Frankly, if you are going to argue that a creature like Leviathan is a plesioaur, and that the author of Job received revelation of this, you have to concede that Baal worshipers like those at Ugarit were receiving the same fire-breathing, seven-headed revelation.

The spectre of a mythological dragon looms heavy on the evangelical mind.  But just because the Biblical authors use this type of imagery, does it mean that we must believe these creatures exists in the natural world?

Here is a question:  In Psalm 74 God crushes and kills Leviathan as part of the act of creation (the Near Eastern idea of chaoskampf). But Isaiah has him being killed a second and final time at the eschaton (27.1). This is an exegetical dilemma which must be explained.  Apparently the authors of scripture are doing more than just describing a mere natural animal.  They are using the creatures Leviathan and Behemoth as a symbol for something.  We are the ones who miss the meaning due to our refusal to contextualize the text.

Why are Dragons Found in Every Ancient Culture in the World?

As an aside note to the external non-biblical data, creationists are quick to demonstrate their particular interpretation of the Biblical data by making the argument that dragons can be found worldwide in ancient cultures.  The claim is that this evinces the cohabitation of man and dinosaurs in ancient memory.  I think people who do this are actually on to something here, but not in the direction they take it.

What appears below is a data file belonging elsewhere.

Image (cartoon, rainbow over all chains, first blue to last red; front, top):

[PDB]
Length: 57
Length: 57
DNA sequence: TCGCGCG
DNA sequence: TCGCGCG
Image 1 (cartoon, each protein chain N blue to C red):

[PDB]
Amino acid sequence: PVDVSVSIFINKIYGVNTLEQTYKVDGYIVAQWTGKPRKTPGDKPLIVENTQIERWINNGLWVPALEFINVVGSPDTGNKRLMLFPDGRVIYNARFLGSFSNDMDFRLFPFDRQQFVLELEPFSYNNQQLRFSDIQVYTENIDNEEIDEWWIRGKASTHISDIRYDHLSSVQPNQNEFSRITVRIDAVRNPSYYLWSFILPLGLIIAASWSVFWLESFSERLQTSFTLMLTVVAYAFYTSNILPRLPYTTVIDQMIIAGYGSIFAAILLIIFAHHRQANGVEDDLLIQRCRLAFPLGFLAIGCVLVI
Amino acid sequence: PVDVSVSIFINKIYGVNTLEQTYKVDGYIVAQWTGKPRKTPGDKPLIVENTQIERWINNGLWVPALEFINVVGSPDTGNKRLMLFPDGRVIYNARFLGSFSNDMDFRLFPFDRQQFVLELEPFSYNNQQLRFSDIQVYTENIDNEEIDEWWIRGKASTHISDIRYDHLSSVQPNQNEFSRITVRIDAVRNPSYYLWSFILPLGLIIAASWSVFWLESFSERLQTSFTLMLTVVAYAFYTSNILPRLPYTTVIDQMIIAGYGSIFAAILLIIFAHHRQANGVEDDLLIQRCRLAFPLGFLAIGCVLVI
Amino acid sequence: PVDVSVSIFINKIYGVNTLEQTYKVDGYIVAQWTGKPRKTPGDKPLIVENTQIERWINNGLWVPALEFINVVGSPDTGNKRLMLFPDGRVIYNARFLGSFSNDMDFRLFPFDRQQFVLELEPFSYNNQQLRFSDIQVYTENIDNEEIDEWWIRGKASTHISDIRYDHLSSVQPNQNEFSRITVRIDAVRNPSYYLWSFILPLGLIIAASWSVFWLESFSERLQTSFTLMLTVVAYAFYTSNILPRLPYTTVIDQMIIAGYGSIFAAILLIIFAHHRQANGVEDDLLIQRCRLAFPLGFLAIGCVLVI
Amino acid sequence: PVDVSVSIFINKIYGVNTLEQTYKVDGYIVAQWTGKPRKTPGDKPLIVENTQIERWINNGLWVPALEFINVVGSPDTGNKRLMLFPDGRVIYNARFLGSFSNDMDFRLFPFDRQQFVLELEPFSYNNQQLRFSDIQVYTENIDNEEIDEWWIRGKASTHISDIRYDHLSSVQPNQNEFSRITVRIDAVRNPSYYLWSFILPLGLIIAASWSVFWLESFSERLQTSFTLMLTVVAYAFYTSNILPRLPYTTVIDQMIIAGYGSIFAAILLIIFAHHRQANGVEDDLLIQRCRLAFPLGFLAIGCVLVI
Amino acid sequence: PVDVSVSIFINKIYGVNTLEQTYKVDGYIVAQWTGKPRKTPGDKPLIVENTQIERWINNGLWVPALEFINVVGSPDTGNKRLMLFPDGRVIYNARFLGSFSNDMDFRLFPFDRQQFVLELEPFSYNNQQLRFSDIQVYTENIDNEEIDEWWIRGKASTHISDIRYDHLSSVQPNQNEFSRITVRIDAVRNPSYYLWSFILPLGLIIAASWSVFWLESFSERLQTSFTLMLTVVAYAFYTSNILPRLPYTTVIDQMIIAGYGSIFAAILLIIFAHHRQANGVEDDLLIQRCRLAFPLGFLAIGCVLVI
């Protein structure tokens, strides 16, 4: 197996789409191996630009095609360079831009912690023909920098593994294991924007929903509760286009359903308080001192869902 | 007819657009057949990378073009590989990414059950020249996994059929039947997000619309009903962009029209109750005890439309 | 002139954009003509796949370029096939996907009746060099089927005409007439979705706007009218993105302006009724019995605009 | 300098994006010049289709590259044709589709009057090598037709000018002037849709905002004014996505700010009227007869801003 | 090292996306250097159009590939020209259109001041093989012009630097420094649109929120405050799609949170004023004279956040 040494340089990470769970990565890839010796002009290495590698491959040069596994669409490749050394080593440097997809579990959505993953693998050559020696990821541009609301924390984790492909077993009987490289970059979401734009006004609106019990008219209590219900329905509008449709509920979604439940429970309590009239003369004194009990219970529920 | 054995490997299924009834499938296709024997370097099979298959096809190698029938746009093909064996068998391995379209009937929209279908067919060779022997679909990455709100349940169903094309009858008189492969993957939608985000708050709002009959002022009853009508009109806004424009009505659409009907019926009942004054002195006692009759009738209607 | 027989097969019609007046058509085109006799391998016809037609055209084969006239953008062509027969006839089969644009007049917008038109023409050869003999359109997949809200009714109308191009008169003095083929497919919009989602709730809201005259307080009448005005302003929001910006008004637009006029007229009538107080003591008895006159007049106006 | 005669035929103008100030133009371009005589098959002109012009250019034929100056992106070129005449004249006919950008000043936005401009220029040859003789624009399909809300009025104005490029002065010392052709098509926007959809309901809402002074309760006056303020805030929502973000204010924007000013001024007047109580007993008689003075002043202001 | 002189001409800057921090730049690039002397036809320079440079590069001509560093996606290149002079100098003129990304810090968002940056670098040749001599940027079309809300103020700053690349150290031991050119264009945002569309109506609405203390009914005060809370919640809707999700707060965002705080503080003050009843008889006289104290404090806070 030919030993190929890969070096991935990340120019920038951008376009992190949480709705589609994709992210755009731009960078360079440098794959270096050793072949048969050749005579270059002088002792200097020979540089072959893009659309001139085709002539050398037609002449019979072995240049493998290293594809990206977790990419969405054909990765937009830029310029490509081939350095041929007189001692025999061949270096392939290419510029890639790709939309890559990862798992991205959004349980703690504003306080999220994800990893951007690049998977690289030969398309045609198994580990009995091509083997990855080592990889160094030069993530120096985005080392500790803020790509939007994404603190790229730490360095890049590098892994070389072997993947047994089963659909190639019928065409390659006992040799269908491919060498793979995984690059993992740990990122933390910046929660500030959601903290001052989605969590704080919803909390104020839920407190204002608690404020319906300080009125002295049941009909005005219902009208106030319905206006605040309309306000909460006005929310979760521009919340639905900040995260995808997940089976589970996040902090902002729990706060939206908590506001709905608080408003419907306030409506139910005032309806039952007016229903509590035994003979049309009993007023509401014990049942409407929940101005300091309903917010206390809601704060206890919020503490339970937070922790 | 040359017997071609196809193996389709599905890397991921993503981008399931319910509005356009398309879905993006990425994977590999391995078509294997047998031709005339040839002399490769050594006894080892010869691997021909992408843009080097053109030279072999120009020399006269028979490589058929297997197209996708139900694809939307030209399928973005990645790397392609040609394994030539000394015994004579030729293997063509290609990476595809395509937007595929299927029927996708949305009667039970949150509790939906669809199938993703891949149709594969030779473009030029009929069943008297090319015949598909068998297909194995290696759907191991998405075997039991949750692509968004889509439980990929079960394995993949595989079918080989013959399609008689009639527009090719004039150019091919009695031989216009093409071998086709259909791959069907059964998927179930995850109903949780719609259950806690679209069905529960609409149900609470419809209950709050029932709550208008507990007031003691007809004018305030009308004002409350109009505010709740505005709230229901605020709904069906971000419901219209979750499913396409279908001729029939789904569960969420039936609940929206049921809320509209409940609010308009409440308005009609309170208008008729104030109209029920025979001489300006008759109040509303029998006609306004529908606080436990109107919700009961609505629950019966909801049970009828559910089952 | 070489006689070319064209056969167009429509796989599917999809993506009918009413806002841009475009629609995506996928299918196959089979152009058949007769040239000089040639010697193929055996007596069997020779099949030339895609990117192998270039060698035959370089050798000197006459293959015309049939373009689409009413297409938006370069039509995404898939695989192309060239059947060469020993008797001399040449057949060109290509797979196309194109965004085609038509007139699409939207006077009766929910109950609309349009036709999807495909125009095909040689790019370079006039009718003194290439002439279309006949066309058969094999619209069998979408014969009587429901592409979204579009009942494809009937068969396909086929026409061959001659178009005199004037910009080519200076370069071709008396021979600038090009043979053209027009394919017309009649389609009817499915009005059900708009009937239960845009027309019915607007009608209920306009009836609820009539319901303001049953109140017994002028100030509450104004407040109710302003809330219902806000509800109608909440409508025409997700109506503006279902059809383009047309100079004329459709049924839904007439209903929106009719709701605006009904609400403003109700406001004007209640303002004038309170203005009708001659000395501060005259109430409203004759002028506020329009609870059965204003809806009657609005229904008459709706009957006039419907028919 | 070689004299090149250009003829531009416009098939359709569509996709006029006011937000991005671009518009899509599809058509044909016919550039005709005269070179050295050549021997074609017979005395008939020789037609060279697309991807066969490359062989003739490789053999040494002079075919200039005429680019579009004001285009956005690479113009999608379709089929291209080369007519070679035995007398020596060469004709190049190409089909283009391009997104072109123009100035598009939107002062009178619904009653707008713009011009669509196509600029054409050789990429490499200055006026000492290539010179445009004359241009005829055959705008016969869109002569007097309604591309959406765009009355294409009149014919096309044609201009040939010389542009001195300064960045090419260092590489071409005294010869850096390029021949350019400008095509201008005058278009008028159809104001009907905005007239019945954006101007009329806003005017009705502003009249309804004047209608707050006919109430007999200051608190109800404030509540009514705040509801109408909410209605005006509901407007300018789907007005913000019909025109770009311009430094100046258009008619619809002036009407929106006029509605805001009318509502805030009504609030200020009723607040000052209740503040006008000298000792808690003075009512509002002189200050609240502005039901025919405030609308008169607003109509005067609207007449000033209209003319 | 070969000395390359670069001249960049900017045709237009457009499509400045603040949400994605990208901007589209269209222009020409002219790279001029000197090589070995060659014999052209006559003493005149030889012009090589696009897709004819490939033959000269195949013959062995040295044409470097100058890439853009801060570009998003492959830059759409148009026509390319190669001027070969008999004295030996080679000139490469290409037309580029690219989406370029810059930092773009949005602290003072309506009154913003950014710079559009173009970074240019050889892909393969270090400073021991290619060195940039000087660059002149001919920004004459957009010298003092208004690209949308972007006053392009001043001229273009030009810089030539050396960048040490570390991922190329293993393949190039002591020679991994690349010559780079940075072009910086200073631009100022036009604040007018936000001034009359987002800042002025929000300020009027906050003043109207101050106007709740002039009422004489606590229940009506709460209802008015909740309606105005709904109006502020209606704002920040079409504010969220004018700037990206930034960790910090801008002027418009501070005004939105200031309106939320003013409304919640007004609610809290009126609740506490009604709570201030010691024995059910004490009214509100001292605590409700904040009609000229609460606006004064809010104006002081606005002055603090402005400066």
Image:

There is a much simpler, much more boring explanation: We have been finding fossils of dinosaurs for thousands of years and have been inventing all sorts of monster mythologies to account for these fossils. (Sorry Rob Skiba: there were no real centaurs in history and Santa doesn't exist either.)  Such is the thesis of Adrienne Mayor from Stanford.  Her books trace ancient fossil hunting history and mythology in regions like Native North America, Greece and Rome.  It’s not just dragons. People in the ancient world are known to have offered fossil remains of griffins, centaurs, cyclopes, and giants too.  If you are an ancient Roman at a construction site and your team exhumes a T-Rex, you are going to believe in a past age of dragons.  If you are an ancient Scythian nomad and you encounter protoceratops remains you are going to interpret them as a griffin.  If you are an ancient Sioux who finds himself upon pteranodon remains you are going to invent the thunderbird legend.  In many cases it is certain that ancient people were offering extinct animal fossils as the origin of mythological creatures, and it is more than coincidence that these myths happen to originate in places with a lot of fossil beds.  Some of those fossil beds were named and Hadrian is known to have collected some near Troy.  Many were venerated in temples like in the temple of Hera on Samos.  The cyclops myth has been shown to likely derive from Greek misinterpretation of Mammoth skulls. Solinus flat out says these bones were exhumed from ravines.   The people of Samos excavated a creature they called a Nead. Aelian claims the giant Neads once roamed Samos and that its ancient bones were on display in his day.  The point is fossil hunting isn't new.